Hepatic glucokinase expression is associated with lipogenesis and fatty liver in humans

J Clin Endocrinol Metab. 2011 Jul;96(7):E1126-30. doi: 10.1210/jc.2010-2017. Epub 2011 Apr 13.


Background/aims: Glucokinase (GCK) phosphorylates glucose to form glucose 6-phosphate and thereby regulates hepatic glucose disposal and activates hepatic lipogenesis. Hepatic GCK activity is regulated on the level of GCK mRNA expression and by the inhibitory glucokinase regulatory protein. In this study, we aimed to investigate the relation between GCK mRNA expression and markers of lipogenesis as well as liver fat content in human liver biopsies. Additionally, we investigated whether genetic variation in the liver specific GCK promoter determines liver fat content in humans.

Methods: Hepatic mRNA expression and liver triglyceride content was analyzed in 50 human liver biopsies. In a second cohort of 330 individuals, liver fat was precisely measured by 1H magnetic resonance spectroscopy.

Results: Hepatic GCK mRNA expression is associated with triglyceride content in human liver biopsies (r = 0.50, P = 0.0002). Furthermore, hepatic GCK mRNA expression is associated with lipogenic gene expression (fatty acid synthase, r = 0.49, P = 0.0003; acetyl-coenzyme A carboxylase-α, r = 0.44, P = 0.0015, and acetyl-coenzyme A carboxylase-β, r = 0.48, P = 0.0004) and the de novo lipogenesis index (r = 0.36, P = 0.01). In support of these findings, the single-nucleotide polymorphism rs2041547 in the liver-specific GCK promoter is associated with liver fat content in prediabetic individuals (P = 0.047).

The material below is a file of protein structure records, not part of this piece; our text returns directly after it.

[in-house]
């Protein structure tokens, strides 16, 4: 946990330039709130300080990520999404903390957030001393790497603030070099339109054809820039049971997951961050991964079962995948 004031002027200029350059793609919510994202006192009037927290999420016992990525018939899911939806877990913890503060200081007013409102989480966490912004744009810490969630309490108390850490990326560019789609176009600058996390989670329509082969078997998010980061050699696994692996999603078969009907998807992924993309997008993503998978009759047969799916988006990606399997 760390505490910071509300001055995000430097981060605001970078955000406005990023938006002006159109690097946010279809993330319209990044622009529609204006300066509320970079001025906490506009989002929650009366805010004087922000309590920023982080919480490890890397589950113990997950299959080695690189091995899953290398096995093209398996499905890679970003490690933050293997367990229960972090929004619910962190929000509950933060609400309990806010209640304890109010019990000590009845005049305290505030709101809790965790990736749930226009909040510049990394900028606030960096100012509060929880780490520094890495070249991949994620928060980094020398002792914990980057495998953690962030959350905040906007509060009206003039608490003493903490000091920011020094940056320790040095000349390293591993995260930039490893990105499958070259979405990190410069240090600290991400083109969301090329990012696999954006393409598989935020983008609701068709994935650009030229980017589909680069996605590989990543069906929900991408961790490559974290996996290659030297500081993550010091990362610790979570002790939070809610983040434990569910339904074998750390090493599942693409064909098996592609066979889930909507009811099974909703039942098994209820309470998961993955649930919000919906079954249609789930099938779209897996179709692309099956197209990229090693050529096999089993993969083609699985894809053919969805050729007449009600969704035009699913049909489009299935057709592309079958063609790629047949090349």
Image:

Conclusions: In this study, we demonstrate for the first time that GCK mRNA expression is associated with markers of de novo lipogenesis and liver triglyceride content in humans. This suggests that increased GCK activity may induce fatty liver and its metabolic and hepatic consequences in humans. Thus, the widely used approach to nonspecifically activate β-cell and hepatic GCK to treat diabetes mellitus is therefore questionable and may cause serious side effects.

Publication types

  • Research Support, Non-U.S. Gov't

MeSH terms

  • Adolescent
  • Adult
  • Aged
  • Alleles
  • Fatty Liver / genetics
  • Fatty Liver / metabolism*
  • Female
  • Glucokinase / genetics
  • Glucokinase / metabolism*
  • Humans
  • Lipogenesis / physiology*
  • Liver / metabolism*
  • Male
  • Middle Aged
  • RNA, Messenger / genetics
  • RNA, Messenger / metabolism


  • RNA, Messenger
  • Glucokinase